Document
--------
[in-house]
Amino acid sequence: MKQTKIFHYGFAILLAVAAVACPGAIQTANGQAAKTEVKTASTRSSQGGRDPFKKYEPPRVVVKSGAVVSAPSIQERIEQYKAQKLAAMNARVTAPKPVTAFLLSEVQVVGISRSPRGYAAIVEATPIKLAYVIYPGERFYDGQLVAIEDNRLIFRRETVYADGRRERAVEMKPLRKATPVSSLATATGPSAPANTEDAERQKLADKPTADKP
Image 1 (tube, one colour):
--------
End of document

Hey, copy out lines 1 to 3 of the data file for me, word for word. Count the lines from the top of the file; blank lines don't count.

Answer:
[in-house]
Amino acid sequence: MKQTKIFHYGFAILLAVAAVACPGAIQTANGQAAKTEVKTASTRSSQGGRDPFKKYEPPRVVVKSGAVVSAPSIQERIEQYKAQKLAAMNARVTAPKPVTAFLLSEVQVVGISRSPRGYAAIVEATPIKLAYVIYPGERFYDGQLVAIEDNRLIFRRETVYADGRRERAVEMKPLRKATPVSSLATATGPSAPANTEDAERQKLADKPTADKP
Image 1 (tube, one colour):